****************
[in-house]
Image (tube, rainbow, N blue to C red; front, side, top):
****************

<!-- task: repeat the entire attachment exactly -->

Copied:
[in-house]
Image (tube, rainbow, N blue to C red; front, side, top):